During almost a decade of service with the U.S. Military, Virginia-based lawyer Matt Banks witnessed several cases in which disabled veterans were denied disability compensation for injuries or conditions sustained during their military service because they did not have the medical evidence to show that their injuries or conditions were “service-connected.” This experience coupled with his desire to be an entrepreneur inspired Matt to start a small business devoted to helping his fellow veterans.
Policymakers at all levels, from town councils to the halls of Capitol Hill, emphasize the challenges of small businesses as a key talking point during political debates. But new opinion polling in four states—Illinois, Missouri, Virginia and Wisconsin—reveals small businesses feel their government officials don’t actually understand their challenges, and they support a wide array of policies to address their needs, some of which might come as a surprise to their elected officials.
My journey to entrepreneurship was many years in the making. As a kid, I was inspired by my father’s work as a carpenter. Whenever there was a problem around the house, he would fix it himself. Not once did we have to call a plumber, an electrician or roofer. If nothing was broken, he was always coming up with projects to enhance our home. It was my father’s creativity, self-sufficiency, and ingenuity that made me have a strong desire to become an entrepreneur when I grew up. And that’s exactly what I did.
Denver student Kamiya Willoughby is challenging preconceived notions about a popular type of food that is often construed as unhealthy and unsophisticated.
“Soul food is a legitimate cuisine, but most people see it as a snack or junk food that you can only eat every once in a while.” Kamiya said.
“It is such a classic American cuisine that deserves a spotlight and deserves a step away from the stereotypes,” added Tess Hurlbert, Kamiya’s fiancée and business partner.
When Noelle Curtis was working to clear up her acne and hyperpigmentation, she noticed not many spas addressed the specific skincare needs of women of color. So instead of continuing to look for someone else’s solution, she decided to become an esthetician herself. After a whirlwind corporate career Noelle went on to open Pretty Dapper Day Spa, which offers a variety of services to Chicagoland clients of all skin types and skin colors.
Cuando Maritza Gómez no pudo conseguir un trabajo, tomó el asunto en sus propias manos y puso en marcha un negocio.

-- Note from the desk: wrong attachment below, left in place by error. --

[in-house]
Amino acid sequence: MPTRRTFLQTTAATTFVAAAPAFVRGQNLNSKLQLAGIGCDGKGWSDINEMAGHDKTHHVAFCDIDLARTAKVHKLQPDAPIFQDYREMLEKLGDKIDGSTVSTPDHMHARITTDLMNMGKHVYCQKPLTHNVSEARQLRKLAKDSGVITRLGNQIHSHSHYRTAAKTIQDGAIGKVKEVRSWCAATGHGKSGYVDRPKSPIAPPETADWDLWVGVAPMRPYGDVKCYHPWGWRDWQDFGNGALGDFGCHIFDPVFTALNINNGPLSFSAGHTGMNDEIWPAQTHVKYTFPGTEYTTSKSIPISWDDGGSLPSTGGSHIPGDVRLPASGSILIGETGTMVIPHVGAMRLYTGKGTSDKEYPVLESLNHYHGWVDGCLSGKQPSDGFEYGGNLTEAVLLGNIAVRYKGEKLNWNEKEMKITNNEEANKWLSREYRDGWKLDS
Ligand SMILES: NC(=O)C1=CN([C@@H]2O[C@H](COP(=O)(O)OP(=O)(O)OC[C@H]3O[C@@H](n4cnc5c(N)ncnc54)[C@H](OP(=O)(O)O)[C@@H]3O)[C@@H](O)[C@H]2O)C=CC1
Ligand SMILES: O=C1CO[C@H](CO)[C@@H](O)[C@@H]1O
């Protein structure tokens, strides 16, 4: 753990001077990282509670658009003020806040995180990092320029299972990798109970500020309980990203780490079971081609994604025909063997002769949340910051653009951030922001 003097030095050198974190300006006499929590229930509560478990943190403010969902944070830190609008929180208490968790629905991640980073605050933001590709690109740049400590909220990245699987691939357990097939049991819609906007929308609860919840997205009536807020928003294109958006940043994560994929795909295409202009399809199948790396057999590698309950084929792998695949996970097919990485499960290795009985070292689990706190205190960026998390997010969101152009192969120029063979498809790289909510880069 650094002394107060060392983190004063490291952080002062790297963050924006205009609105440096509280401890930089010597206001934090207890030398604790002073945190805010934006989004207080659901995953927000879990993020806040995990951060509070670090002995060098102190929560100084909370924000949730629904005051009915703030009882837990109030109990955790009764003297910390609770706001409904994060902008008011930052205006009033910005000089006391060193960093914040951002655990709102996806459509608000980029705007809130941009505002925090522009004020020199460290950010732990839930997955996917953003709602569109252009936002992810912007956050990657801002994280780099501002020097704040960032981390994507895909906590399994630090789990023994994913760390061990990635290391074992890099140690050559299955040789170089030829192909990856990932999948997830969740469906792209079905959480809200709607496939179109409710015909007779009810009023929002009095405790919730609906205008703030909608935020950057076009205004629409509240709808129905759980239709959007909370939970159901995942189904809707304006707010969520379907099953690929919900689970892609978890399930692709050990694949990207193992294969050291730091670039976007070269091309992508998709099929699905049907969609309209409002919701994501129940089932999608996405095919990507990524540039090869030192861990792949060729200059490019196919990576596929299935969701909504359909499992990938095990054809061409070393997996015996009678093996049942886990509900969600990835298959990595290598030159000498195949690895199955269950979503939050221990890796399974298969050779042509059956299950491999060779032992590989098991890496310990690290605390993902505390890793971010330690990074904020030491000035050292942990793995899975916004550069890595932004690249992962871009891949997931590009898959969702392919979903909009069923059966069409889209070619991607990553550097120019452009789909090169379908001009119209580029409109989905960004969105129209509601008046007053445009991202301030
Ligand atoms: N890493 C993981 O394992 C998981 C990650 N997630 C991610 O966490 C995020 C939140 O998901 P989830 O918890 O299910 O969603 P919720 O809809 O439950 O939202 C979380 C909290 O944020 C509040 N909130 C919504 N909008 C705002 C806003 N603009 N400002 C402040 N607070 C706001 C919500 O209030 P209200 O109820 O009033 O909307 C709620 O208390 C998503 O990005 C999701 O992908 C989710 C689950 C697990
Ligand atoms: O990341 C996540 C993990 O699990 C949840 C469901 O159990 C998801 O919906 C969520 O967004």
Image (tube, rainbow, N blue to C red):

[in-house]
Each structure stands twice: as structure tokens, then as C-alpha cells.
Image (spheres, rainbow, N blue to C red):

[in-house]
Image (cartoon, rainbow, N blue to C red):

Maritza, propietaria de MG Custom Printing en Riverside, California, se mudó a los Estados Unidos desde México cuando tenía nueve años. Después de comenzar su negocio, decidió estudiar administración de empresas en la Universidad Estatal de California, San Bernardino. Mientras estaba en la escuela, participó en los programas de administración de empresas en el campus, los cuales desarrollaron aún más su espíritu empresarial.
Small Business Majority’s Outreach Team advocates for entrepreneurs on two fronts: It supports policies that would benefit small firms, and it offers workshops and events that help small business owners grow their companies. Over the coming months, we’ll be sitting down with members of our Outreach Team to provide an introduction and let small business owners know how our team members can assist them.
To kick off Women’s History Month in March, Small Business Majority recently hosted a Twitter chat, “Celebrating Women Entrepreneurs” to share tips and resources for women entrepreneurs from business organizations and entrepreneurs around the country. Many of our wonderful partner organizations participated, included the California Association for Micro Enterprise Opportunity (CAMEO), SBDC East Los Angeles, Washington D.C. SBDC, the Women’s Business Development Center in Chicago, SBA’s Nebraska District Office and more.
Small business owner Natalie Dubose recounts the night of Nov. 24, 2014, like a scene out of the movie “Independence Day.”
“Every shop in downtown Ferguson leading up to mine and past mine was destroyed. I found furniture from the law firm across the street, that the protestors had used to break the windows,” she said.
In honor of Black History Month, we’re sharing tips and tools for black entrepreneurs as well as stories of successful entrepreneurs. We recently spoke with Shawna Collier, Senior Loan Counselor at Justine Petersen, to ask her about the obstacles that black entrepreneurs face and resources they can use to overcome these challenges.